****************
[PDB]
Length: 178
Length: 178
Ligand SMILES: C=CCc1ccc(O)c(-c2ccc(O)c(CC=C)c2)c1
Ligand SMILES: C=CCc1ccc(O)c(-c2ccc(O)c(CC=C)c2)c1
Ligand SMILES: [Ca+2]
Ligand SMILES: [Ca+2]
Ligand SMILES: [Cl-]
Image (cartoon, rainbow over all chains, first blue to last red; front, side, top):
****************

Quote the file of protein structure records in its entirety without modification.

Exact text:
[PDB]
Length: 178
Length: 178
Ligand SMILES: C=CCc1ccc(O)c(-c2ccc(O)c(CC=C)c2)c1
Ligand SMILES: C=CCc1ccc(O)c(-c2ccc(O)c(CC=C)c2)c1
Ligand SMILES: [Ca+2]
Ligand SMILES: [Ca+2]
Ligand SMILES: [Cl-]
Image (cartoon, rainbow over all chains, first blue to last red; front, side, top):